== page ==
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Analyst: Ghana’s Democracy Unaffected by President’s Death

John Evans Atta Mills, the President of Ghana, visits the floor of the New York Stock Exchange, Dec. 15, 2011, and talks with specialist Jennifer Klesaris.
John Evans Atta Mills, the President of Ghana, visits the floor of the New York Stock Exchange, Dec. 15, 2011, and talks with specialist Jennifer Klesaris.
Political analyst Emmanuel Akwetey said Ghanaian democracy and institutions will not be affected by the sudden death Tuesday of President John Atta Mills.

Akwetey, executive director of the Institute for Democratic Governance said Ghanaians have learned to be guided by their constitution since the days of military coups.

Ghanaian officials said Mills died a "sudden and untimely death” at a military hospital in the capital, Accra.” He was 68 years old.

The nature of the late president’s illness was not immediately announced. But Akwetey said Mills’s ill health had been known for some time.

“I don’t know the details of his sickness. However, his health has been an issue during the campaign since 2008 within his party and, thereafter, in the battle with the major opposition parties for power. They raised it that he wasn’t feeling well. And so, issues about health have been in the public domain for quite some time,” he said.

Akwetey said, although the sudden death marks the first time that a sitting Ghanaian president has died in office, the country’s constitution is specific about the transition of power.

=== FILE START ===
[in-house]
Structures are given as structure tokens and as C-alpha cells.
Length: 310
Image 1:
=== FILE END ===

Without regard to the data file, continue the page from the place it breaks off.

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“Article 66 says, if the president resigns, or is removed, or died, the vice president should be sworn in immediately. That has been complied with to the letter. He [Vice President Mahama] has been sworn in and he has to serve the remaining term of the president, who is now out of office,” Akwetey said.

Unlike Ethiopia, where authorities there have reportedly blocked the publication of a prominent independent newspaper featuring reports on the health of Prime Minister Meles Zenawi, Akwetey said Ghana is becoming a more open society.

“The nature of politics and public debates makes it difficult to keep anything secret. Now, probably the background to that is our own history. You know, we used to be a politically unstable country with military interventions, coup d’états and so on. But, we have come to understand that the rule of law means we must respect the constitution, and not only respect the constitution, when in doubt go straight to the Supreme Court,” he said.

Ghana is scheduled to hold a presidential election in December. Akwetey said he suspects the ruling National Democratic Congress (NPP) will name Mahama to stand in those elections.

“He campaigned with the late Professor Atta Mills in the primaries, and so they are likely to consider him. It’s too short a time,” Akwetey said.

He said the main opposition New Patriotic Party (NPP) has suspended its campaign for the time being in honor of the late president.

But, Akwetey said he does not think Ghana’s elections commission would postpone the election.

U.S. President Barack Obama paid tribute to the late President Mills praising his efforts to improve human rights and the lives of his people.

U.N. Secretary-General Ban Ki-moon said "President Mills will be remembered for his statesmanship and years of dedicated service to his country.